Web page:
>> Cliff Olmsted: Well -- and we've -- you know, we've even included awards now for team spirit and that kind of thing because of those types of things that happen. It's like, hey. But that doesn't necessarily mean that, what do you say, you know, we don't just give awards based on all the technical greatness. Sometimes there's other stories happening that deserve some recognition, right, in different ways.

>> Maria Varmazis: That makes a lot of sense. Well, Cliff, is there anything else you wanted to mention about ESRA or the Spaceport America Cup before we close out? I want to give you the floor.

>> Cliff Olmsted: I am really excited for this year's event. This is the second time we've been back in person after the pandemic. The competition events are June 20 through the 24th. We'll be at Las Cruces on the 20th, and then we head out to Spaceport America grounds the rest of the week, and they have our awards wrap-up on the 24th. So if you want to come join us, go visit our website. You can go to soundingrocket.org, and you can buy tickets that way. If that's too much, remember, go to spaceportamericacup.com.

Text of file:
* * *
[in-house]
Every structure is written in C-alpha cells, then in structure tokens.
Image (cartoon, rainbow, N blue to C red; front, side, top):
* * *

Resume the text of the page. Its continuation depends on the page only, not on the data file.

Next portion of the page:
[ Music ]

>> Maria Varmazis: That's it for T-Minus Deep Space for June 10, 2023. We'd love to know what you think of this podcast. You can email us at space@n2k.com or submit the survey in the show notes. Your feedback ensures that we deliver the information that keeps you a step ahead in the rapidly changing space industry. This episode was produced by Alice Carruth, mixing by Elliott Peltzman and Tré Hester with original music and sound design by Elliott Peltzman. Our executive producer is Brandon Karpf. Our chief intelligence officer is Eric Tillman. And I'm Maria Varmazis. Thanks for listening.

[ Music ]

Similar posts

Stay in the loop on new releases. 

Subscribe below to receive information about new blog posts, podcasts, newsletters, and product information.